7 Stages of Emotional Dynamics during Change

Two weeks ago some colleagues and me took part in a seminar on “Removing Impediments / Change Management”. The main point we took away is that change is all about emotions:

  • Each change invokes emotions – positive and negative ones.
  • The positive are accepted, while the negative are unwanted and dismissed as resistance.
  • But you need to be aware of emotional undercurrents and address them. (Emotions are contagious and you don’t want negative emotions to spread.)
  • People’s feelings pass through 7 stages that are analog to those of grieving:

    • 1st: There are rumors about change to come. People are apprehensive and might agitate against it.
    • 2nd: Shocking news: Change is coming, it’s official.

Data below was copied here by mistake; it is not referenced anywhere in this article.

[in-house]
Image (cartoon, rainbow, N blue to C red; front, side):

• 3rd: When the change is introduced, there’s often resistence. People try to preserve the old ways and think if they only hold out long enough the change will get reverted.
    • 4th: Nope, the change is here to stay. They know it rationally. No more rebellion, but no happy feelings either.
    • 5th: It finally sinks in, that the changes are really here to stay. Now they feel it in their guts. And it hurts to let go.
    • 6th: Letting go enables people to explore the new way -> “Sure, it’s different, but it needn’t be worse.”
    • 7th: “Wow, this is fun! I can do this!”

    In some occasions you pass through the stages in seconds, sometimes it takes years and sometimes you get stuck in a stage (often the 5th) and never regain a positive outlook and feeling of control.

Note, that people are not necessarily aware of their emotions while going through the stages. We all tend to rationalize and give reasons for certain behavior, without knowing that it stems from what we feel. I know a range of people (technical people appear to be prone to this) who seem to believe that it is beneath them to be steered by emotions instead of fact. Using the model of the 7 stages you can help people realize what stage they’re at, thus connect to their emotions and find a way to move on.